Friday, January 31, 2014

Red Rising by Pierce Brown

2 Stars
(and that's being really generous - if I take a minute longer to think about this one the rating has a good chance of being even lower)
Darrow is a 16-year old class of human called a “Red” who works as a Helldiver miles below the planet Mars. His job is to drill for the helium-3 that will make the surface of the red planet inhabitable one day. At least, that’s what he has always been told. After the most unspoilery spoiler of all times (seriously, everyone should see it coming from page one), Darrow finds out everything he believes is a lie. Mars is already populated by “Golds” and Darrow, and all of his fellow Reds, are mere slaves. Darrow finds himself recruited by a rebel group, who plans on morphing him into a Gold, infiltrating the school where future leaders are bred and bringing down the ruling class. But no one can really guess what will take place once Darrow is inside . . .

Of all the overhyped books out there, this may just be the most overhyped-ist (????, yeah not a word, but I’m going with it anyway). It seems a lot of the initial hype was about this being a YA novel that was really breaking boundaries of what is okay in YA literature by including rape in the storyline. Wellllllll, my library has this filed under plain old “Sci-Fi” – not YA, so that may be a moot point now that we’re dealing with the actual book and not ARCs. I also saw a lot of comments saying “get through 20% or 30% or whatever% and you’ll really get into it”. Sadly, that was not the case for me. The first 20% was world building – followed by the unspoilery spoiler – followed by a whole new batch of world building. Truthfully, I had to force myself to keep reading up until the last 50 pages or so. Then it was action-packed and interesting (although, once again, the big “spoilery” issues at the end of the book were as predictable as the one in the beginning). I did not like Darrow’s voice, I didn’t like that once he was at school the book became a poor man’s Hunger Games (with bizarro shout-outs to ancient Greece rather than "Districts") and I didn’t like the fact that the “cause” he had been recruited for was almost completely glossed over through the entire book forcing everyone to read Red Rising #2 in order to get any answers. It’s pretty presumptuous of an author or publishing house to assume a first time novelist will be so successful. Lucky for both, it appears to be the case this go around.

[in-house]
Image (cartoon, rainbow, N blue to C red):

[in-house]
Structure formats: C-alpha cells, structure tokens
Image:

For all of you who enjoyed it, I am truly jealous. This is the only book I’ve ever attempted to get an ARC of using any means necessary. I was so looking forward to it and I’m bummed that I didn’t like it. I’ll deal with my misery in the following manner:

On the plus side, Pierce Brown is like 12, so there is a good chance he will hone his skills and I will become a fan before his writing career is over. It just won’t be with Darrow.

Wednesday, January 29, 2014

One Flew Over the Cuckoo's Nest by Ken Kesey

5 Stars
Randle P. McMurphy is transferred to a mental hospital in order to avoid the prison work farm. During his confinement, he turns the ward around – making the patients believe there is hope and standing up to the horrible Nurse Ratched.

I was introduced to One Flew Over the Cuckoo’s Nest via the film version (admittedly, when I was waaaaay to young to be watching such movies) and it immediately became one of my favorites. When I was in high school I discovered the book and once again put it at the top of my favorites list.